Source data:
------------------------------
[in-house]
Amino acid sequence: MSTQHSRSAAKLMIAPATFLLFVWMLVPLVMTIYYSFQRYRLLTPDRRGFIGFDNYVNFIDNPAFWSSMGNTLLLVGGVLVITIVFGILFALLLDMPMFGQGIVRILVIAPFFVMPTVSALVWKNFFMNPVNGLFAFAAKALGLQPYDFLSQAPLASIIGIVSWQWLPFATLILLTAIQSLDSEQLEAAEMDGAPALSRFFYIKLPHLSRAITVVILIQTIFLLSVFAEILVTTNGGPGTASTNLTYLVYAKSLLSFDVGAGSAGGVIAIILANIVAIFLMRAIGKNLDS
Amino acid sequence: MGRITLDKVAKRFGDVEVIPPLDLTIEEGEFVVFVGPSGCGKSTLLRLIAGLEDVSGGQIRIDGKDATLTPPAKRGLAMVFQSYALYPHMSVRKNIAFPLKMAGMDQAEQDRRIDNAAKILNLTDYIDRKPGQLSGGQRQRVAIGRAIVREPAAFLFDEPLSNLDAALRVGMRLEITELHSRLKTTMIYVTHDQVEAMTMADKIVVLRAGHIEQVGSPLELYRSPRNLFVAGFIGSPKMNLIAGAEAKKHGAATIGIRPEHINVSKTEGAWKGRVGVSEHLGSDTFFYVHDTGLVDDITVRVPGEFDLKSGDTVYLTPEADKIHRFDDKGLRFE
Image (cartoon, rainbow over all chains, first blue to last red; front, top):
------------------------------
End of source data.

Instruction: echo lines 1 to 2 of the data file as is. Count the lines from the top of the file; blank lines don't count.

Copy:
[in-house]
Amino acid sequence: MSTQHSRSAAKLMIAPATFLLFVWMLVPLVMTIYYSFQRYRLLTPDRRGFIGFDNYVNFIDNPAFWSSMGNTLLLVGGVLVITIVFGILFALLLDMPMFGQGIVRILVIAPFFVMPTVSALVWKNFFMNPVNGLFAFAAKALGLQPYDFLSQAPLASIIGIVSWQWLPFATLILLTAIQSLDSEQLEAAEMDGAPALSRFFYIKLPHLSRAITVVILIQTIFLLSVFAEILVTTNGGPGTASTNLTYLVYAKSLLSFDVGAGSAGGVIAIILANIVAIFLMRAIGKNLDS